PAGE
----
In the penultimate stage of the Tour de France on Saturday, Tadej Pogacar traveled through the vineyards of the Bordeaux region with a mixture of caution and distraction, confident that this time the final time trial would not be a game-changer. .
A year ago, he used a similar time trial to turn things around on the last weekend of the race. This year the job, for all intents and purposes, was already done when he stepped off the starting line. Now all he had to do was shut it down, avoid disaster, defend an insurmountable advance – then transport it to Paris and claim its prize.
With a lead of 5 minutes 20 seconds at the start of the traditional final stage on Sunday, Pogacar, a 22-year-old Slovenian, is almost guaranteed to win his second consecutive Tour de France.
In fact, Pogacar will probably be on the podium three times in Paris on Sunday, donning the overall winner’s yellow jersey, the polka-dot jersey awarded to the Tour’s top climber and the white awarded to his best youngster. rider. He won the same three jerseys last year, when he became the youngest Tour winner after WWII.
The outcome of this year’s race has been known for days, and even after Pogacar’s eighth place in the time trial on Saturday, Tour fans had the overwhelming impression that competition was limited for the player from 22 years old.
In a sport where superlative performances are systematically clouded by suspicion of cheating – the bus and hotel of a rival team were raided by French police this week as part of a doping investigation – Pogacar has been hailed as a machine, a tornado, a champion who could leave his mark in the history of the Tour, as former champions like Bernard Hinault and Eddy Merckx did. Merckx, 76, said this week that Pogacar is on his way to at least five Tour de France titles; others said the race had entered the “Pogacar era”.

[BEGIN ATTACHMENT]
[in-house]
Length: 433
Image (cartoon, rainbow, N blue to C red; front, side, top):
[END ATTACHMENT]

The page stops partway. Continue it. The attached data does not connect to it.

Perhaps more impressive still, Pogacar, who raced for UAE Team Emirates, defeated almost entirely on his own a team that had ruled the Tour for the past decade: Ineos Grenadiers, formerly known as Team Sky. By the end of the first 10 days of racing he had also left behind his most serious challenger, Primoz Roglic, who finished second last year but dropped out of the race this year after falling in week one.
On Saturday, Pogacar had won three stages, but his superiority is indisputable. For the past three weeks, Pogacar has dominated his rivals in a time trial in western France and knocked out the challengers in the grueling climbs of the Alps. Then, in the picturesque landscapes of the Pyrenees this week, he scored two impressive victories that sparked admiration – and raised eyebrows – for the ease with which he sent out two of the race’s top contenders, playing with them for the last few years. kilometers of an intimidating climb. .
“Is this a game for you?” A journalist asked Pogacar on Thursday after completing the 18th stage at the top of the ski resort of Luz Ardiden, where he had left behind his two most serious opponents, Richard Carapaz and Jonas Vingegaard, with just a few powerful strides.
“Yes, of course,” Pogacar replied with a smile. “I like to play it.”
Dane Vingegaard and the Jumbo-Visma team looked set to finish second overall; it will enter Sunday 1 minute 43 seconds ahead of Carapaz d’Ineos. No other motorcyclist is within 10 minutes of Pogacar.
For Pogacar, the match started on June 30, when he won a first individual time trial in stage five. Three days later, the peloton was in the Alps, and Pogacar was already winning the game, tearing up his opponents in Stage 8 and seizing the yellow jersey. He never gave up on it.